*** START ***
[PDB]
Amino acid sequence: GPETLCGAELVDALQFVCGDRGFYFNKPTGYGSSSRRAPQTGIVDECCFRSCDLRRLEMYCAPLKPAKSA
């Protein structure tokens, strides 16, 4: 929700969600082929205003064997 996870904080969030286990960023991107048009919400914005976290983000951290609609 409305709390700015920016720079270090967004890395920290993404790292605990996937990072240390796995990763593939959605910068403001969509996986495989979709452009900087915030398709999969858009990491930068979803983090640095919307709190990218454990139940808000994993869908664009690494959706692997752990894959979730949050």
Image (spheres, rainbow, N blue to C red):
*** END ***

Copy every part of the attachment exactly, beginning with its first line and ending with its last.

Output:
[PDB]
Amino acid sequence: GPETLCGAELVDALQFVCGDRGFYFNKPTGYGSSSRRAPQTGIVDECCFRSCDLRRLEMYCAPLKPAKSA
């Protein structure tokens, strides 16, 4: 929700969600082929205003064997 996870904080969030286990960023991107048009919400914005976290983000951290609609 409305709390700015920016720079270090967004890395920290993404790292605990996937990072240390796995990763593939959605910068403001969509996986495989979709452009900087915030398709999969858009990491930068979803983090640095919307709190990218454990139940808000994993869908664009690494959706692997752990894959979730949050």
Image (spheres, rainbow, N blue to C red):